I have a question, and it is going to sound mad. However, it's been bothing me, and as stupid as it might sound I really have to get it off my chest. It's this
How the heck do church towers stay up?
More specifically, I suppose, I'd be really interested to learn about their construction. They're immense pillars of stone, and it is amazing to me that they should stand at all. They must rest on some kind of foundation, but what?
Please help. Some of you might know. Or be able to direct me to some books on ecclesiastical architecture which will help. I've searched on google for 'church tower' and 'church tower architecture' but have come up with little more information than 'Churches have towers. They are big.'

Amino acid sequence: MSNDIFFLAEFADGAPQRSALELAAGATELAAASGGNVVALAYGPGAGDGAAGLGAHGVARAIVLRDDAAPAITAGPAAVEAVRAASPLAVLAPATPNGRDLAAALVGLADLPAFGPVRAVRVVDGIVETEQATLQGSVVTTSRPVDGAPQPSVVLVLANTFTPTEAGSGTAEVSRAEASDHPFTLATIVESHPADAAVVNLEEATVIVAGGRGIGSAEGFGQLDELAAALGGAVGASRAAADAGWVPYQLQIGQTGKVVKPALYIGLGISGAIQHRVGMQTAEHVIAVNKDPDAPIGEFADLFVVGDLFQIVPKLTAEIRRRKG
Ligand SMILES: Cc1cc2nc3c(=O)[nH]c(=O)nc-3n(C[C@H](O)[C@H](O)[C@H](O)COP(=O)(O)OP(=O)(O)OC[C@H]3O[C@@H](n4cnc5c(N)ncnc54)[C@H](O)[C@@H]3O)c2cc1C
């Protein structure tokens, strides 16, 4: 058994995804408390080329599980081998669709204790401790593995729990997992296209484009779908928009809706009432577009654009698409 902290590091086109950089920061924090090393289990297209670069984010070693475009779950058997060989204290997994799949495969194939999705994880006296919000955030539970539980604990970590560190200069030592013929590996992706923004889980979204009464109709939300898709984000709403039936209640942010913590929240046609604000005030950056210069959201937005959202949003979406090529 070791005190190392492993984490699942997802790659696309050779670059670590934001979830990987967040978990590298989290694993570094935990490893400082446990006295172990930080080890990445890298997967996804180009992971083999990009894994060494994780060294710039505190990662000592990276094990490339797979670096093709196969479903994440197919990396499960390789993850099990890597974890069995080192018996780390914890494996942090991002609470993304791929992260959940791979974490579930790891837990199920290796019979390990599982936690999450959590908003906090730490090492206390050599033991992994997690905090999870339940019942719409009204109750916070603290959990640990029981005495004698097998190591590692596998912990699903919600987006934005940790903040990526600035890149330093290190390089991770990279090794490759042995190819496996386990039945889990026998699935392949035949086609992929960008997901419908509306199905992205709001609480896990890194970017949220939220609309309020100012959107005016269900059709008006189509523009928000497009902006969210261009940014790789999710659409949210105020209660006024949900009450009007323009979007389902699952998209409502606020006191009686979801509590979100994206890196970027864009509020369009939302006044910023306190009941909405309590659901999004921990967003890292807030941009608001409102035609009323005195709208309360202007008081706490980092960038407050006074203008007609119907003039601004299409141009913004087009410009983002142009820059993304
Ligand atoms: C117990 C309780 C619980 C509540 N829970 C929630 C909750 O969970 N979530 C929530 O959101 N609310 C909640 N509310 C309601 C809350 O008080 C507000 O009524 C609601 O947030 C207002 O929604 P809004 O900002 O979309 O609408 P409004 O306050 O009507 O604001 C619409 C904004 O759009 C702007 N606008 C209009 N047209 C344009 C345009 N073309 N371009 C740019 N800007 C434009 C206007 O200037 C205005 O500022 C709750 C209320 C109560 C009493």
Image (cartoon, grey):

Sorry for the invasion of silly questions.
The Attic (a name which commemorates our first physical location) is, first and foremost, a site for the research students of the School of Museum Studies at the University of Leicester: a virtual community which aims to include all students, be they campus-based and full-time, or distance-learning and overseas. But we welcome contributions from students of museum studies - and allied subject areas - from outside the School and from around the world. Here you will find a lot of serious stuff, like exhibition and research seminar reviews, conference alerts and calls for papers, but there's also some 'fluff'; the things that inspire, distract and keep us going. After all, while we may be dead serious academic types, we're human too.